Wednesday, September 11, 2013

A Plausible History

The Steamboat METALINE navigates the nearly impassable rapids at Box Canyon near Ione Washington. This photo was captured circa 1890s. Soon, the railroad would arrive, making such a dangerous journey unnecessary.
Although I am creating a freelanced railroad and I am thoroughly enjoying the freedom and the lack of constraints that freelancing offers, I wanted to evoke that sense of historic authenticity usually reserved for prototype modelers.

I hopped on to Google to research the location I chose for my modeling and from that research I developed a timeline of events important to the development of the MFTR as it "exists" today. Many of these events are historically accurate. (Such as the the construction of the original rail line in 1909.) Other events are completely fictional and serve as justification for the choices I've made in my modeling. (Such as the cement operations moving from it's original location to the town of Ione) Still others are minor tweaks of real events. (Such as the change in management and direction at the Ponderay Paper Recycling Co.)

With that in mind, here is a brief "history" of railroading in the Pend Oreille Valley:
  • 1892 - The Great Northern Railroad (GN) reached Newport Washington enabling shipment of timber towed upstream from mills located along the Pend Oreille River Valley as far north as Metaline Falls.
  • 1909 - The Lehigh Portland Cement Co. (Originally Inland Portland Cement Co.) is established in Metaline Falls.
  • 1909-1911 - The original line from Newport to the town of Metaline Falls was built by Fredrick Blackwell and given the name Idaho and Washington Northern (I&WN). 
  • 1925 - A slump in the lumber market led to the sale of the I&WN to the Milwaukee Road.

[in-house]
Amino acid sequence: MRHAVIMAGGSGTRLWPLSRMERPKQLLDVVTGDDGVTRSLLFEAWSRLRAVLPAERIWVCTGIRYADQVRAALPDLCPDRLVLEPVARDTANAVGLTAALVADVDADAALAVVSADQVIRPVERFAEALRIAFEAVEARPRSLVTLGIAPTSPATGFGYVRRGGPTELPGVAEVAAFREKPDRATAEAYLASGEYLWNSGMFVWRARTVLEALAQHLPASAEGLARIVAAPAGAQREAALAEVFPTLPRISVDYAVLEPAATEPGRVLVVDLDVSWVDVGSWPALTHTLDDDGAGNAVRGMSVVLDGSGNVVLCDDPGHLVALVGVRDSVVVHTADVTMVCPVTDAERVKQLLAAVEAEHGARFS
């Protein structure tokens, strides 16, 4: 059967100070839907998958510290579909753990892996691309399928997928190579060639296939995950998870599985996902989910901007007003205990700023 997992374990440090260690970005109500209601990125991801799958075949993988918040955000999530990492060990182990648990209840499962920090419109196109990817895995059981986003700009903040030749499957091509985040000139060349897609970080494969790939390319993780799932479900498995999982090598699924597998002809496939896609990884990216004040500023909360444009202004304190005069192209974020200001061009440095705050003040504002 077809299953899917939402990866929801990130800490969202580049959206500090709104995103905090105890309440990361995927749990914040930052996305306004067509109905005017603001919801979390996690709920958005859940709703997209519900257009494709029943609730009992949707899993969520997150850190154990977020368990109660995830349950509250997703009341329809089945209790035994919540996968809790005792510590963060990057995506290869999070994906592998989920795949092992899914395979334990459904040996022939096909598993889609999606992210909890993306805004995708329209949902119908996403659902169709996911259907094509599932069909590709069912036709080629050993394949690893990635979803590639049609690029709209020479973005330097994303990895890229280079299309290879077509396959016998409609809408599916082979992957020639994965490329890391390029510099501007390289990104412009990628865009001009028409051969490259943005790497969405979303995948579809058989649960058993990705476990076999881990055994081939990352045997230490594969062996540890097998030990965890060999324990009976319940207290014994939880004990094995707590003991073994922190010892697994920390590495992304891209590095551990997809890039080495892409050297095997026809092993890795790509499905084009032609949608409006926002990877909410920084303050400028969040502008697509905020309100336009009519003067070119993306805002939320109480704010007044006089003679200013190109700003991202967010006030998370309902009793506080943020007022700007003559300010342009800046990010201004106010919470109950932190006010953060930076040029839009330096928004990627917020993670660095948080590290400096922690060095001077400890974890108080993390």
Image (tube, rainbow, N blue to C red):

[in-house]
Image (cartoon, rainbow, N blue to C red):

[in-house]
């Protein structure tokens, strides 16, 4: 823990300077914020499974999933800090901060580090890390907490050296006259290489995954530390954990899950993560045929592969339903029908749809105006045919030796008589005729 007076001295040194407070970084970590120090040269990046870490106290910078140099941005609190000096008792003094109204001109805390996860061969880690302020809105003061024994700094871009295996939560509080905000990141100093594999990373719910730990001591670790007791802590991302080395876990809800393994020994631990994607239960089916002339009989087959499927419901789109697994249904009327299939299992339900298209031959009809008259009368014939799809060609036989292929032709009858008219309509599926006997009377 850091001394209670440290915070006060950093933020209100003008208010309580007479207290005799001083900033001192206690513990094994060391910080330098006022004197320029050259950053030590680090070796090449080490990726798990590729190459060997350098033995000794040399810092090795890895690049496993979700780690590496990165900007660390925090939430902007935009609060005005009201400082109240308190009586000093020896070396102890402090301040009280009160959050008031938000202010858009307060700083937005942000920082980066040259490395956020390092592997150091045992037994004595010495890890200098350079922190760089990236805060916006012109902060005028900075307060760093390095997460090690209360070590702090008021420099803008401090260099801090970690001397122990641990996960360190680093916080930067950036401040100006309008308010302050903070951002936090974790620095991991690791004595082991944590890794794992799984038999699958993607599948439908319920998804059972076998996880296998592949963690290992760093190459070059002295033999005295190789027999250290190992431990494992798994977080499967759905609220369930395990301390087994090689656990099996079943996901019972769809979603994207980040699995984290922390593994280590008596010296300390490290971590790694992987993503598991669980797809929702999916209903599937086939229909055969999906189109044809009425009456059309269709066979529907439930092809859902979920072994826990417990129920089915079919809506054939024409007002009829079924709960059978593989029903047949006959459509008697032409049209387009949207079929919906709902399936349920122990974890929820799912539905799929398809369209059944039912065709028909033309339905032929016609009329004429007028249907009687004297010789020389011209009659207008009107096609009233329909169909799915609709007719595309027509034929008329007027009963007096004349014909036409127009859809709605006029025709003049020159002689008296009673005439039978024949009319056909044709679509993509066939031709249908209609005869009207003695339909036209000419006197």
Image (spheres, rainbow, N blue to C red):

• 1956 - Construction completed on the Box Canyon Dam.
  • 1967 - The Boundry Hydroelectric Dam is built in the northern most area of the Pend Oreille Valley. The dam supplies up to one-third of Seattle City Lights power, It's presence has changed the landscape, permanently submerging the famous Metaline Falls river rapids.
  • 1970 - The Great Northern together with the Northern Pacific, (NP) Chicago, Burlington and Quincy, (CBQ) and the Spokane, Portland and Seattle Railway (SP&S) merge to form the Burlington Northern Railroad (BN). This new railroad continued supplying rail traffic to the Pend Oreille Valley.
  • *1983 - the Vaagen Brothers Lumber company acquired the valley's largest mill located in the town of Ione.
  • 1985 - Soo Line purchased the bankrupt Milwaukee Road and takes over operations in the valley.
  • *1988 - The Ponderay Newsprint Co. is founded in Ione bringing with it new economic opportunities.
  • 1990 - Canadian Pacific gained full control of the Soo Line. 
  • *1991 - The Canadian Pacific, declared it economically unfeasible to continue operations in the Pend Oreille Valley. The line is handed over to the Port of Pend Oreille and given the name of The Metaline Falls Terminal Railroad (MFTR) in honor of both the lovely town and it's historic falls. Both of which have contributed greatly to the valley's history.
  • *1994 - Continuing to find success in the Pend Oreille Valley, The Lehigh Portland Cement Co. moved operations from it's aging plant in the town of Metaline Falls to a new plant located in nearby Ione. This move saved the railroad 20 miles of travel round trip. The old plant continued to receive occasional loads of cement to store in it's large capacity silos for many years after.
  • *1996 - The Burlington Northern merged with the Atchison, Topeka and Santa Fe (ATSF) to form the Burlington Northern and Santa Fe Railway (BNSF). This new railway continues to supply traffic to the MFTR at the town of Newport.
  • *2002 - The Ponderay Newsprint Co. was sold and under new ownership, operations were scaled back and focus was shifted solely to paper recycling. The company's name was changed, appropriately, to the Ponderay Paper Recycling Co.
  • *2009 - In an effort to save on the costs of upkeep, the MFTR filed for abandonment of the rail line and its several tunnels and wooden trestles north of the Box Canyon Bridge leading to Metaline Falls.
(*These dates represent a fictionalized version of historical events.)

Developing this timeline has been a lot of fun. Not only did I enjoy creating a plausible history for my freelanced railroad, but I also found myself absolutely fascinated by the real history of the Pend Oreille Valley which only increases my desires to do it justice with my fictional representation.

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